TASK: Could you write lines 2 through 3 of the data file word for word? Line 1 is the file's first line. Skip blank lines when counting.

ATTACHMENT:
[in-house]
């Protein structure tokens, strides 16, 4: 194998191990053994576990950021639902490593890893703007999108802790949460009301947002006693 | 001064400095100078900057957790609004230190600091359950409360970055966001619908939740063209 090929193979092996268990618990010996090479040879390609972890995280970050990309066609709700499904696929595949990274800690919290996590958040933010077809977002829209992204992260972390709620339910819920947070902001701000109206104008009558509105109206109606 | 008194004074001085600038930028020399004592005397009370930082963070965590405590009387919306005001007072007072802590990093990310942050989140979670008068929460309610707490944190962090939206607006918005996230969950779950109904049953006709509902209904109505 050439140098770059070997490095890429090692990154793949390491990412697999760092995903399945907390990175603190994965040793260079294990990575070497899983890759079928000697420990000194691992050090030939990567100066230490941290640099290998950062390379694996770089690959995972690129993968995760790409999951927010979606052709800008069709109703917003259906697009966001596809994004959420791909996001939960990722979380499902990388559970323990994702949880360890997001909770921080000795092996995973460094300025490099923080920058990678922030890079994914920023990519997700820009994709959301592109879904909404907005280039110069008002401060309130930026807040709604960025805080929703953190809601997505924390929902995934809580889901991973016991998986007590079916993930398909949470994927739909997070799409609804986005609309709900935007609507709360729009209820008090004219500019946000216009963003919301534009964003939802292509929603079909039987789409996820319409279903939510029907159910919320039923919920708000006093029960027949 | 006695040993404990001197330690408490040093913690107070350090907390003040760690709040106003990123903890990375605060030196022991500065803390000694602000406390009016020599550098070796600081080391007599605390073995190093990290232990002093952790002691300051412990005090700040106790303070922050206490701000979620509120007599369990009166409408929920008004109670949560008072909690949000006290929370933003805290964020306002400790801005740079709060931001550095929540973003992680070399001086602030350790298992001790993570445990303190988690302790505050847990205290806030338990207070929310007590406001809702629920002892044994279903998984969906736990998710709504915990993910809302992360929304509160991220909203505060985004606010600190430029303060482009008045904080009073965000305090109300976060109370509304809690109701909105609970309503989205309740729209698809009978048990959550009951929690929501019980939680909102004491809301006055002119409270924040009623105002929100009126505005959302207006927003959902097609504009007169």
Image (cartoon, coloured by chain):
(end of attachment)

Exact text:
């Protein structure tokens, strides 16, 4: 194998191990053994576990950021639902490593890893703007999108802790949460009301947002006693 | 001064400095100078900057957790609004230190600091359950409360970055966001619908939740063209 090929193979092996268990618990010996090479040879390609972890995280970050990309066609709700499904696929595949990274800690919290996590958040933010077809977002829209992204992260972390709620339910819920947070902001701000109206104008009558509105109206109606 | 008194004074001085600038930028020399004592005397009370930082963070965590405590009387919306005001007072007072802590990093990310942050989140979670008068929460309610707490944190962090939206607006918005996230969950779950109904049953006709509902209904109505 050439140098770059070997490095890429090692990154793949390491990412697999760092995903399945907390990175603190994965040793260079294990990575070497899983890759079928000697420990000194691992050090030939990567100066230490941290640099290998950062390379694996770089690959995972690129993968995760790409999951927010979606052709800008069709109703917003259906697009966001596809994004959420791909996001939960990722979380499902990388559970323990994702949880360890997001909770921080000795092996995973460094300025490099923080920058990678922030890079994914920023990519997700820009994709959301592109879904909404907005280039110069008002401060309130930026807040709604960025805080929703953190809601997505924390929902995934809580889901991973016991998986007590079916993930398909949470994927739909997070799409609804986005609309709900935007609507709360729009209820008090004219500019946000216009963003919301534009964003939802292509929603079909039987789409996820319409279903939510029907159910919320039923919920708000006093029960027949 | 006695040993404990001197330690408490040093913690107070350090907390003040760690709040106003990123903890990375605060030196022991500065803390000694602000406390009016020599550098070796600081080391007599605390073995190093990290232990002093952790002691300051412990005090700040106790303070922050206490701000979620509120007599369990009166409408929920008004109670949560008072909690949000006290929370933003805290964020306002400790801005740079709060931001550095929540973003992680070399001086602030350790298992001790993570445990303190988690302790505050847990205290806030338990207070929310007590406001809702629920002892044994279903998984969906736990998710709504915990993910809302992360929304509160991220909203505060985004606010600190430029303060482009008045904080009073965000305090109300976060109370509304809690109701909105609970309503989205309740729209698809009978048990959550009951929690929501019980939680909102004491809301006055002119409270924040009623105002929100009126505005959302207006927003959902097609504009007169």
Image (cartoon, coloured by chain):